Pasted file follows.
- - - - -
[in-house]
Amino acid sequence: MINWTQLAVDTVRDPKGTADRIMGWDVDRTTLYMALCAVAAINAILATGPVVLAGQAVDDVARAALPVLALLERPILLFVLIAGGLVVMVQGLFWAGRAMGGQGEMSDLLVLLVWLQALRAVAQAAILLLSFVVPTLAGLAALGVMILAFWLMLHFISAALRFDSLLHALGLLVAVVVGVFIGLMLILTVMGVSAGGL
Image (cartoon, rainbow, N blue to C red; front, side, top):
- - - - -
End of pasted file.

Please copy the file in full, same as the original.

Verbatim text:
[in-house]
Amino acid sequence: MINWTQLAVDTVRDPKGTADRIMGWDVDRTTLYMALCAVAAINAILATGPVVLAGQAVDDVARAALPVLALLERPILLFVLIAGGLVVMVQGLFWAGRAMGGQGEMSDLLVLLVWLQALRAVAQAAILLLSFVVPTLAGLAALGVMILAFWLMLHFISAALRFDSLLHALGLLVAVVVGVFIGLMLILTVMGVSAGGL
Image (cartoon, rainbow, N blue to C red; front, side, top):